6 Data Points You Must Measure to Win at Sales and Use Tax Administration

If you have any experience working with sales tax, you’re aware that trying to manage the entire process can get complicated fast.

Sales tax is a team sport – you can’t do it on your own. Sales tax departments need to collaborate with and gather data from other departments like sales, manufacturing, and distribution to get a handle on the “big picture” when it comes to sales tax administration. As with many things in the accounting, tax, and financial arena, one of the first steps to administer sales tax correctly is gathering the right data to make decisions.

We have identified 6 key categories of data you need to successfully manage the sales tax administration process. Within each of these categories are crucial pieces of information that you may not be aware of – information that you need to gather to ensure that you correctly manage the entire spectrum of sales and use tax administrative responsibilities.

1. Data to Determine Nexus

Nexus is one of the first and most important concepts you need to understand in the world of sales tax management. In short, nexus is the level of connection between your business and a taxing jurisdiction and is what determines in which jurisdictions (states, cities, etc.) you are required to collect and remit sales tax.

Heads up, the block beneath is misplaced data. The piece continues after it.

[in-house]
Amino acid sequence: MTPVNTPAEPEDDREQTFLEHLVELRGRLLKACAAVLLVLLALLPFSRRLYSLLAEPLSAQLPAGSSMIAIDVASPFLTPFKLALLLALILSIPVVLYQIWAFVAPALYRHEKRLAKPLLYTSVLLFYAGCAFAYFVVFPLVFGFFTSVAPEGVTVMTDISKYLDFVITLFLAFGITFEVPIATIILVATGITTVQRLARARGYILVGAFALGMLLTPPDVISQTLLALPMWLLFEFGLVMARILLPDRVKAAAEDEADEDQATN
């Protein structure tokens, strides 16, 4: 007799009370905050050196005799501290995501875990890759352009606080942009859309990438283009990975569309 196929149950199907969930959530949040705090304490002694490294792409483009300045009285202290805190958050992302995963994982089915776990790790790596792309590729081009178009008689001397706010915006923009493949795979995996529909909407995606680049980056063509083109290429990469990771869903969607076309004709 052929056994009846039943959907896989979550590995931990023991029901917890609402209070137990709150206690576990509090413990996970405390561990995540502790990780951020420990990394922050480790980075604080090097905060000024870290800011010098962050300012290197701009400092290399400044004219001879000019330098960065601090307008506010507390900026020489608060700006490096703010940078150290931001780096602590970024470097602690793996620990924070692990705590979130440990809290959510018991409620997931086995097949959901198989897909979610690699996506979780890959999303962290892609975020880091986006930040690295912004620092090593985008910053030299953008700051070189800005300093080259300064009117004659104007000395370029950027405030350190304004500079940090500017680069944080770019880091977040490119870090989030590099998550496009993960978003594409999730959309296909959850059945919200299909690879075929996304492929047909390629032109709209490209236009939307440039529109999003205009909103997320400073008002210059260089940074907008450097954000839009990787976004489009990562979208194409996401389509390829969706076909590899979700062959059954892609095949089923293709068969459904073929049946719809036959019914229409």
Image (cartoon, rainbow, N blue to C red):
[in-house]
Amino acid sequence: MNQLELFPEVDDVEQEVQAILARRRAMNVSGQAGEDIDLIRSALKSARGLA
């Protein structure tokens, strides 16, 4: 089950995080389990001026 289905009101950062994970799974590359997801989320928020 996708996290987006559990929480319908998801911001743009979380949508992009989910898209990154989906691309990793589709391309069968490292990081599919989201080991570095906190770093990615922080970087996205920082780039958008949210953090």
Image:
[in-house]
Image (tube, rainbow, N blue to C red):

In order to determine where you have nexus, you need to gather some information. The types and amount of information you need will vary by state and depend on which types of nexus legislation the states have enacted. In all states that have a sales tax, physical presence is the first consideration for determining nexus. You need to know where your company has property in a state or people acting on the company’s behalf in a state.

Beyond physical presence, you must research which types of nexus legislation you must comply with in the states you do business: economic nexus, marketplace nexus, click-through nexus, affiliate nexus, and reporting requirements legislation.

Here are a few (but not all) of the questions you need to ask yourself to determine your nexus exposure:

  • Where do you maintain a permanent place of business? (physical nexus)
  • Where do you have individuals operating on your behalf? (physical nexus)
  • Where do you have individuals who refer customers to your business via a link on their website? (click-through nexus)
  • Are they receiving commissions for orders placed via those referrals? (click-through nexus)